It's easy to think that this is all political gaming is about - people needing things from each other and therefore making promises that they don't intend to keep for the ever-sought-after-but-never-really-achieved perfect backstab. But good political games go way past that and play around with the interesting things that people can do to each other and the powers that they have over each other. In Diplomacy there are no special roles explicitly assigned to players, but the dynamics of the game often make it the case that one player becomes your ally, and therefore stands in a special relationship to you. The fact victory can be shared also encourages that kind of long term partnership. But the same idea could be played around with in interesting ways. In Dune (aka Rex) there is a Nexus phase that comes up randomly every few turns which is the only time alliances can be formed. Alliances are formal in Dune and allies win and lose together; once you're in an alliance, you cannot break it until the next Nexus, which means you really care about your allies' condition. A good Dune player will jump into and out of an alliance in opportune moments, but that's a risky and complicate trick to execute, and requires quite a bit of skill.
Dune is still an area control game where combat is a main component. Consider Tammany Hall again - it's a game that has much more of a Euro feel, a la El Grande. It's an area majority (rather than area control) with much fewer opportunities for direct confrontation (though you can remove opponents' pawn with 'slander', it is costly and comes at limited supply). The theme is political, but it is to a great extent a game of managing resources - how do I win most areas with the least amount of pawns in each?
But then the game makes the brilliant, and political, twist. The theme may be political but that doesn't make the game any more political (El Grande technically has this 'war' theme with your cubes being 'knights' but it doesn't feel anything like war). Two mechanics draw out the political aspect. First is the simultaneous blind bidding during election time. Following the footsteps of Diplomacy, discussed above, it makes players depend on each other and encourages horse trading in a distrustful environment. Second, it has the cool mechanic of roles assigned by the mayor. When you win election, you get to be mayor which gives you some valuable victory points. But then you, the player, assigns other players to offices that give them special abilities. And these are quite important for success in the game. Now the designer could have said that whoever comes in second gets to be the Deputy Mayor, the third is Council President and so forth. This would have made for a more strategic, yet less political game - it would have allowed the players to strategically aim for a certain role by coming in third or force. But the fact it gives one player such interesting power over the others makes for a game that's much more politically interesting.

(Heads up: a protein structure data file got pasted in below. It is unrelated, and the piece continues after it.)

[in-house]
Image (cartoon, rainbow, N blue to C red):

Political games are not the only games that I like but they hold a special place in my heart. I love strategy and the competition that more deeply strategic games allow. But its the Coups and Sheriff of Nottinghams that really make for interesting interactions between people rather than between strategies employed by people. I usually don't like playing political games with people I don't already know and trust, because they can really impact relationship and are much more fun and interesting when they're used to explore relationships. If you're interested in board games because of the interactions between people, political games are for you.